Preface

At a time when Europe is growing together, cooperation between countries is becoming increasingly necessary. One of the main reasons for pursuing transnational spatial development in the Baltic Sea region is to attain a common understanding of the facts of planning.
The COMMIN project seeks to foster and develop this understanding and thus to establish a common communication basis for the exchange of knowledge and experience. In past years, most of the countries involved have modified existing planning law, or, in the countries that joined the EU in 2004, completely new planning systems have been established. No overview of the current status of planning systems in Baltic Sea region countries was available. It has therefore been the task of all eleven countries taking part in the COMMIN project to prepare an account of basic institutional and spatial planning principles and to compile a glossary of key concepts in spatial planning. The two products have been elaborated in the eleven different languages and then translated into English to provide a basis for communication about systems and concepts in the world of spatial and urban planning, and hence to promote mutual understanding as a whole.
The participating countries tackled these tasks in very different ways, but it was everywhere clear that no joint compendium comprising a description of the planning system and key planning concepts existed for all the countries of the Baltic Sea region. Many countries already had basic materials, like the ARL binational planning handbooks or an overview of formal planning instruments at the EU level produced by the VASAB project (cf. http://vasab.leontief.net/ ). This was the basis on which the project could be developed.
In the interests of developing a common basis for communication, it was a particularly challenging task to provide not only a technically impeccable description of the complex systems in each country but also to formulate it in language accessible to international planners and to readers from outside the planning profession. However, comprehensibility proved an increasing difficult problem. It was almost impossible to strike an acceptable balance between a scientific account of the structure of government and administration and the entire planning system and a readable, comprehensible description for the use of non-experts at home and abroad. What exacerbated the problem was the virtual absence in Germany and other countries of official translations for technical terms in spatial planning.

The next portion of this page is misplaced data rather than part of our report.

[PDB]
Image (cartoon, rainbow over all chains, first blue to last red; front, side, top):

Particularly confusing for participating countries was the three-tier government system in Germany, with not only the federal government at the national level and local government but also the intermediate level of the constitutive states (Bundesländer), which exercise their own state authority, as well as territorial and personal sovereignty. But this confusion is also a point of departure for the understanding process.
The German text was prepared by a team comprising planners, lawyers, economists, and administrative scientists. It required a balancing act between legal precision and communicable classification.
Finally an editorial note: to keep a text already larded with information and notes as readable as possible, we decided to use the masculine form in most cases. In principle, however masculine also stands for feminine.
There is no treatment of this subject in English that is so up to date (status December 2006) and we hope that it will contribute not only to understanding in Europe but also to the transfer of information and knowledge within the country.